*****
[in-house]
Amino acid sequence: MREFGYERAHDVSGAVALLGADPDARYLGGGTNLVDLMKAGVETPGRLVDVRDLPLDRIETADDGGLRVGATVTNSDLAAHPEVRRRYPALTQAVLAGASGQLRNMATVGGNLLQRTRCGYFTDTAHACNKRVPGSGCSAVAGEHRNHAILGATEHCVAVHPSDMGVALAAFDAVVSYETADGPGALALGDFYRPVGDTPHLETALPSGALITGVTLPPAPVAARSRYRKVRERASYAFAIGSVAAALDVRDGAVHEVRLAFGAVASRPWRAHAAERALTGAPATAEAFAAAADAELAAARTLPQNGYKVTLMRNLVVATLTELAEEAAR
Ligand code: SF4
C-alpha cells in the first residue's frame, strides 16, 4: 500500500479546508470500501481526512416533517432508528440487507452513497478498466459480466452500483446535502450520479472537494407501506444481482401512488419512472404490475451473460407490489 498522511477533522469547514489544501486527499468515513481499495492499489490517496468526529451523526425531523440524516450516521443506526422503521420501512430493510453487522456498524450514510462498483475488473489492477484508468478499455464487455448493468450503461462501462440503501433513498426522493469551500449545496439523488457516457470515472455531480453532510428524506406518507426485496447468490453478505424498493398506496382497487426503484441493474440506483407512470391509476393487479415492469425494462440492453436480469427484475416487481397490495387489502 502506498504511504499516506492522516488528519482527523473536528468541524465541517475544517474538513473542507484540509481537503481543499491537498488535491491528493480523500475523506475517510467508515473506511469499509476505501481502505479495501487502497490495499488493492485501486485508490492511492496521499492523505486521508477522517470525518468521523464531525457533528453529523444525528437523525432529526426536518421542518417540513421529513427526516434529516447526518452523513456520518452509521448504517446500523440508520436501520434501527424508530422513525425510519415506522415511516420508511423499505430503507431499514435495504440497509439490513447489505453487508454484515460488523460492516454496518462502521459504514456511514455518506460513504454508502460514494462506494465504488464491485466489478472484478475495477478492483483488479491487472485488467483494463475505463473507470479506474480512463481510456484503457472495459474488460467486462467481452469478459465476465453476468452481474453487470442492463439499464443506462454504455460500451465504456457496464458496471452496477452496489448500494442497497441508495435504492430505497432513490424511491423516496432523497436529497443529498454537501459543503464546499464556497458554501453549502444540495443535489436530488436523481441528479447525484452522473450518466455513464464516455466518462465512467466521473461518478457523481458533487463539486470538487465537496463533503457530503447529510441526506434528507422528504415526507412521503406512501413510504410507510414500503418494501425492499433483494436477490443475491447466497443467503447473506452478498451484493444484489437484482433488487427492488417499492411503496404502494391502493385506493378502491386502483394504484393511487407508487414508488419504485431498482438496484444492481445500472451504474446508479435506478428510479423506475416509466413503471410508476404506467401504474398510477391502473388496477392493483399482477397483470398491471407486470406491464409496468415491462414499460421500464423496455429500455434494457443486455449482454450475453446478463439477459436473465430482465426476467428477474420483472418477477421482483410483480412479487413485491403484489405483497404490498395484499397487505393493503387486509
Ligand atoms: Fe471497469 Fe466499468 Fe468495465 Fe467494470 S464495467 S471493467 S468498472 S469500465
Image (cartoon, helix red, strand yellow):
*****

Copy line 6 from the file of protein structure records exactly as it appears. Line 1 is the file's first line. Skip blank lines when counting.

Image (cartoon, helix red, strand yellow):